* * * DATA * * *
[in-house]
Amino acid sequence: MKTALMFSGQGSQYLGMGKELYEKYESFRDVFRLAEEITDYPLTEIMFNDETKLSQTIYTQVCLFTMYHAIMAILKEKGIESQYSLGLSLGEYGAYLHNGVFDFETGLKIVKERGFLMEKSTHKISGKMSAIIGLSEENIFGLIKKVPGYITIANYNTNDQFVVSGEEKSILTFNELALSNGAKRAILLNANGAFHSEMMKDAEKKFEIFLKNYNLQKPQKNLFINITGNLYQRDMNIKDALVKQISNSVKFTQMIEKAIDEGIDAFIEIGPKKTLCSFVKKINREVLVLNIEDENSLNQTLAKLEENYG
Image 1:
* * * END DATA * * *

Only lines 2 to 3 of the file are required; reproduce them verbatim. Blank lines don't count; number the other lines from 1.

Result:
Amino acid sequence: MKTALMFSGQGSQYLGMGKELYEKYESFRDVFRLAEEITDYPLTEIMFNDETKLSQTIYTQVCLFTMYHAIMAILKEKGIESQYSLGLSLGEYGAYLHNGVFDFETGLKIVKERGFLMEKSTHKISGKMSAIIGLSEENIFGLIKKVPGYITIANYNTNDQFVVSGEEKSILTFNELALSNGAKRAILLNANGAFHSEMMKDAEKKFEIFLKNYNLQKPQKNLFINITGNLYQRDMNIKDALVKQISNSVKFTQMIEKAIDEGIDAFIEIGPKKTLCSFVKKINREVLVLNIEDENSLNQTLAKLEENYG
Image 1: